There were probably a lot of people though that felt the same about the brazenness of BSG’s sexuality, particularly fans of the original series. Of course, the 2000s Galactica is barely recognizable as compared to its 1970s counterpart, which featured a cute kid sidekick, a robot space monkey, and a universe filled with other people despite the fact that the series started with “humanity being wiped out.” In other words, Battlestar changed with the times.
It’s worth noting that one of the things that prompted the creation of Enterprise after Star Trek: Voyager was the influence of modern TV. “Actually, Rick Berman and I were heavily influenced by The West Wing and The Sopranos,” said Enterprise co-creator Brannon Braga in 2001,
“We watch television, too. Week after week we would watch shows like ‘The Sopranos’ and we’d say, ‘Wouldn’t it be great if we could just write people without having to worry about that somewhat stylized, neutral way of talking?’ […] This concept allows us to really start writing more naturalistic characters.”
If you watched the first two-and-a-half seasons of Enterprise, then you know how that turned out. The formula found a way to survive, and that’s why it took a significant shake-up in the style and delivery like J.J. Abrams’ 2009 movie to bring Star Trek back to the forefront of pop culture. (In which it’s also worth noting that Captain Kirk famously says “Bulls**t” in that movie when he meets and elderly Vulcan that just so happens to be the older self of his antagonist, Spock.)
Going back to Braga’s desire for naturalism, that’s exactly what that moment in Discovery gives us. Tilly, being given insight into the awesome science and engineering that the ship’s spore drive runs on, says appropriately, “This is so f***ing cool!” Isn’t it great to see people excited about science? Especially on a Star Trek show which over five decades has driven so many young people into STEM fields and space exploration, and especially in this day and age when many of our political and economic leaders want us to think that science is some kind of dodge or hustle.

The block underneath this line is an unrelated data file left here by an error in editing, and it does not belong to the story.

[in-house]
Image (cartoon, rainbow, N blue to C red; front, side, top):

Science is awesome. New scientific discoveries are awesome. And if Star Trek can’t sell us on those ideas, then we might as well mothball this whole modern technology thing. My freakin’ ears can take an f-bomb or two if Trek starts selling us on the value of scientific pursuits again.
All that’s to say nothing of the real Trek first that matters as seen in the recent episode of Discovery – Star Trek’s first gay couple in the form of Stamets and his partner, Culber (WIlson Cruz), one of the ship’s medics. Weren’t they cute brushing their teeth in matching jammies?
It’s almost offensive to say this in 2017, but this was huge. Trek has been tragically gun-shy about portraying LGBT people and relationships; a planned episode about the AIDS crisis was labelled too hot for late-80s TV during Next Gen’s run, and the only serious attempt to do something queer positive was the DS9 episode “Rejoined.” That entry famously had one of TV’s first lesbian kisses, but one suspects that the story was only palpable to studio suits because the two female characters, members of a long-live species who pass from host to host over centuries, were a hetero-couple in a past life.
And yes, Sulu was portrayed as a gay man with a husband and a daughter in Star Trek Beyond, but one expects that Stamets and Culber’s relationship will be developed a little further than some hand holding. In other words, Star Trek can once again comfortably take its place as a social leader, and that too is f**king cool.